The Frenchman is riding from Paris to Warsaw, reports The Local, and says he’s found out a lot about how much good food Europe’s grocery stores, restaurants and other food outlets are tossing out.
“I really didn’t think we were wasting as much as we are,” he said. “Even when you know about it, it’s still surprising to open a garbage can and find so many potatoes, so much fruit, yogurt, sometimes 500-litre or 1000-litre bins are filled with things that are still good enough to eat.”
He started on April 15 and thus far has gone through Luxembourg, Belgium, the Netherlands and the Czech Republic and all over Germany, with the goal of arriving in Warsaw in two weeks.
He’s using a couch surfing website to find places to crash, and checks out local stores when he gets into each town to see where there’s food ready to be given away or salvageable from the trash. Only about one in every 10 places he stops to ask actually give him anything.
“I have to find food fast because after all the cycling I am tired and I need the energy,” he said. “Is my stomach full or empty? That is the most important thing, not what I am eating.”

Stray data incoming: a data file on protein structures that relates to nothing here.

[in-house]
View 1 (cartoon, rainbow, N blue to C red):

He uses a sign in each country’s language to explain what he’s doing with the project, dubbed La Faim du Monde or World Hunger, but that doesn’t always help.
“The Czech Republic was the hardest, people just didn’t understand the concept,” he said, noting it took 50 tries before anyone would give him a bite. “They associate taking trash with homeless people. Finally, I was given a lot of leftover bread from a bakery which I made last for five days.”
According to the 2013 Food and Agriculture Organization of the United Nations Hunger Report, 842 million people in the world are starving or undernourished, while about 25,000 die each day from starvation or hunger-related causes.
Those are some serious figures, especially considering that in this country alone, the United States Department of Agriculture says we waste 141 trillion calories of food per year. The FAO estimates that we waste or lose about one third of the world’s food produced for consumption every year.
The man’s effort coincides with the European Year against Food Waste, led by the European Parliament. That body’s goal is to halve food waste in the European Union by 2025.
“The project has been a way for me to protest,” he said. “If we produced less, food would become more precious to us.”
Frenchman eats from Europe’s bins in protest [The Local]